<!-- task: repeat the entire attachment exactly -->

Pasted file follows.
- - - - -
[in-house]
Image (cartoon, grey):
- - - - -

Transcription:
[in-house]
Image (cartoon, grey):